Mike DeWine, the Ohio governor, recently lamented the toll taken on the residents of East Palestine after the toxic train derailment there, saying “no other community should have to go through this”.
But such accidents are happening with striking regularity. A Guardian analysis of data collected by the Environmental Protection Agency (EPA) and by non-profit groups that track chemical accidents in the US shows that accidental releases – be they through train derailments, truck crashes, pipeline ruptures or industrial plant leaks and spills – are happening consistently across the country.
By one estimate these incidents are occurring, on average, every two days.
“These kinds of hidden disasters happen far too frequently,” Mathy Stanislaus, who served as assistant administrator of the EPA’s office of land and emergency management during the Obama administration, told the Guardian. Stanislaus led programs focused on the cleanup of contaminated hazardous waste sites, chemical plant safety, oil spill prevention and emergency response.
In the first seven weeks of 2023 alone, there were more than 30 incidents recorded by the Coalition to Prevent Chemical Disasters, roughly one every day and a half. Last year the coalition recorded 188, up from 177 in 2021. The group has tallied more than 470 incidents since it started counting in April 2020.
The incidents logged by the coalition range widely in severity but each involves the accidental release of chemicals deemed to pose potential threats to human and environmental health.
In September, for instance, nine people were hospitalized and 300 evacuated in California after a spill of caustic materials at a recycling facility. In October, officials ordered residents to shelter in place after an explosion and fire at a petrochemical plant in Louisiana. In November, more than 100 residents of Atchinson, Kansas, were treated for respiratory problems and schools were evacuated after an accident at a beverage manufacturing facility created a chemical cloud over the town.
Among multiple incidents in December, a large pipeline ruptured in rural northern Kansas, smothering the surrounding land and waterways in 588,000 gallons of diluted bitumen crude oil. Hundreds of workers are still trying to clean up the pipeline mess, at a cost pegged at around $488m.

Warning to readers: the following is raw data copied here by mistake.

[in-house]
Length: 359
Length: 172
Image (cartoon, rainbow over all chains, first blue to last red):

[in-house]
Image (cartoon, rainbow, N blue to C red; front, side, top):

The precise number of hazardous chemical incidents is hard to determine because the US has multiple agencies involved in response, but the EPA told the Guardian that over the past 10 years, the agency has “performed an average of 235 emergency response actions per year, including responses to discharges of hazardous chemicals or oil”. The agency said it employs roughly 250 people devoted to the EPA’s emergency response and removal program.
‘Live in daily fear of an accident’
The coalition has counted 10 rail-related chemical contamination events over the last two and a half years, including the derailment in East Palestine, where dozens of cars on a Norfolk Southern train derailed on 3 February, contaminating the community of 4,700 people with toxic vinyl chloride.
The vast majority of incidents, however, occur at the thousands of facilities around the country where dangerous chemicals are used and stored.
“What happened in East Palestine, this is a regular occurrence for communities living adjacent to chemical plants,” said Stanislaus. “They live in daily fear of an accident.”
In all, roughly 200 million people are at regular risk, with many of them people of color, or otherwise disadvantaged communities, he said.
There are close to 12,000 facilities across the nation that have on site “extremely hazardous chemicals in amounts that could harm people, the environment, or property if accidentally released”, according to a Government Accountability Office (GAO) report issued last year. These facilities include petroleum refineries, chemical manufacturers, cold storage facilities, fertilizer plants and water and wastewater treatment plants, among others.
EPA data shows more than 1,650 accidents at these facilities in a 10-year span between 2004 and 2013, roughly 160 a year. More than 775 were reported from 2014 through 2020. Additionally, after analyzing accidents in a recent five-year period, the EPA said it found accident-response evacuations impacted more than 56,000 people and 47,000 people were ordered to “shelter-in-place.”